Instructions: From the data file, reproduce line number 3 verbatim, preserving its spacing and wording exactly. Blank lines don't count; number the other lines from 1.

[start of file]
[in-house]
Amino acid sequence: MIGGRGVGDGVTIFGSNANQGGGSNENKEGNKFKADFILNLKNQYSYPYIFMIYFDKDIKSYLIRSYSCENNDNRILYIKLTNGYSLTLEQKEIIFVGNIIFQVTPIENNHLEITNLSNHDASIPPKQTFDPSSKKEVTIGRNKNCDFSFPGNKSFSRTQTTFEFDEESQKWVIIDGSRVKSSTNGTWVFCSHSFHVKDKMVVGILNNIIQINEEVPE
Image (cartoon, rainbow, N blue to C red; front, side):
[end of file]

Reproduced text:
Image (cartoon, rainbow, N blue to C red; front, side):